As a trained industrial consultant, I have been called upon to "solve" various problems occurring in the industry, be they odor, waste, water or pollution problems. I have always kept in mind the "Pareto Principle": roughly 80 percent of the effects come from 20 percent of the causes.

Having lived in Brazil for nearly six years, I was impressed with how the government of Sao Paulo helped solve an enormous air pollution problem. Imagine a city of 25-plus million people. They didn't limit outdoor cooking and fireplaces, which contributed about 5 percent to the pollution problem. They went after the 80 percent: the cars, trucks and, lesser so, industrial plants.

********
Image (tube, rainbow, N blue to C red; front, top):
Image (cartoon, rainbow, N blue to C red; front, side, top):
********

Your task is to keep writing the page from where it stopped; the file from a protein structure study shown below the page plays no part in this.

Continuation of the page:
On even-number days, if your car license plate ended with an even last number, it could be driven, and vice versa. Trucks and buses with visible exhaust were heavily fined. The same with plant smoke. Carpooling became a "must."

Fewer cars sat idling in a traffic jam for 30 minutes. The car ban was an unpopular decision made by tough-minded civic leaders, but it helped. Are our civic leaders tough-minded enough?

Sheldon Murphy

Orem